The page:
Blog post

Common TypeScript Issues Nº 2: non-empty statements

Blog Author Phil Nash

Phil Nash

Developer Advocate JS/TS

5 min read

  • SonarLint
  • TypeScript
  • JavaScript
  • ESLint

Issues crop up in our TypeScript code all the time, but many are solved immediately with tooling like SonarLint and its rules designed to catch them. We're counting down the top 5 issues that SonarLint spots in all of our TypeScript.

If you install SonarLint in your editor and copy and paste the example code below you can see these issues for yourself. This problem also occurs in JavaScript projects, TypeScript isn't doing anything strange to cause this.

Nº 2: non-empty statements should change control flow or have at least one side-effect

Let's break the rule down. A non-empty statement is any statement in TypeScript or JavaScript that contains more than just a semicolon. An empty statement looks like this:


We're not ruling a lot out at this stage. So what should a non-empty statement do? It should either change control flow – it should either branch, loop, break a loop, or throw/catch an error–or it should have a side-effect–literally it should do something. So a statement that would fail this rule effectively does nothing. Even though code exists, the system doesn't change as a result of running the line of code. Some examples of this include:


cool == “TypeScript”;

While TypeScript might well be cool, the statement above doesn't do anything. This normally happens when you intend to assign something to a variable, but typo an extra = and render the statement useless. Fix it by removing the errant = and turning the statement back into an assignment:

cool = “TypeScript”;

Property access

function submitForm(event: SubmitEvent) {
  // submission code

In this case the first line of the function only accesses the preventDefault property of the event object, it doesn’t actually call the function. So the event will continue as normal. This is a case of missing parentheses, another easy mistake to make. Fix it by adding those parentheses:

function submitForm(event: SubmitEvent) {
  // submission code

Missing a return statement

This can manifest the same way as the comparison example above, but in this case the intention wasn’t to make an assignment, but return a boolean value:

const theThing = "the thing";
const array = ["not the thing", "the thing", "another thing"];

const found = array.find((item) => {
  item === theThing;

In this case the comparison does nothing and the find operation never finds anything because the return value from each run of the function is undefined. You can fix this by using return:

const found = array.find((item) => {
  return item === theThing;

or by removing the braces and turning the function into an arrow function expression:

const found = array.find(item => item === theThing);

SonarLint has a special rule for array methods like this to ensure that functions return a value and avoid this bug.

The lack of a return statement rears its head quite commonly in React applications too. Failing to return from a render function or from a functional component will mean nothing is rendered on the page. This simple component will render nothing:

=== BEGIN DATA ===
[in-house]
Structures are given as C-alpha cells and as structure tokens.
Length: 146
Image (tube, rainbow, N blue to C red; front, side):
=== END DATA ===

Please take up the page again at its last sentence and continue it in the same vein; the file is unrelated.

function HelloWorld() {
  <p>Hello world!</p>;

Sonar actually has a rule specifically to cover issues like this in React. Fix this by returning your TSX or JSX:

function HelloWorld() {
  return <p>Hello world!</p>;

Exceptions to the rule

While delving through some open source projects to find issues like this, I came across some examples where this rule had to be violated. One example of this is in the venerable jQuery project. This is done to support Internet Explorer, not something on too many developers' minds these days thankfully.

When setting the selected attribute on an <option> element, IE requires the selectedIndex property to be accessed before it will respect the change. In this case the jQuery project was using ESLint to lint their code and had to turn off the similar rule "no-unused-expressions" in order to support IE.

At least now IE is retired, violations like this can be removed, though jQuery does still list IE9+ among its supported browsers.

Keep these exceptions as exceptions

As a side note, you can write code in your application that triggers behaviour based on property access like this. Either writing a getter or wrapping an object in a Proxy can add side-effects to a property like this. But this is not a good pattern. Much like creating and dropping an object just for the side-effects in the constructor function you shouldn't obfuscate behaviour behind operations that don't normally cause side-effects. The jQuery example needed 4 lines of comments to explain itself and 3 comments disabling ESLint. It's best to avoid situations like this, don't write code that causes side-effects from property access.

Catch these issues early

Issues like non-empty statements that don’t either change control flow or have at least one side-effect should be caught early, by testing or even earlier by checking your code with a linter like SonarLint.

What's number 1?

In this series of blog posts we've seen four of our top 5 common issues that crop up in TypeScript projects and are flagged using SonarLint. Remember that these are issues caught by the tooling, so they mostly don't find their way into committed code, and that's what this tooling is for.

What do you think is going to top this list? Is there a bug or typo your linter always catches you with? Share it with us in the community or with @SonarSource on Twitter.

So far in our Top 5 countdown:

No.3 Unused local variables and functions

No.4 Dropping and creating objects

No.5 Optional property declarations

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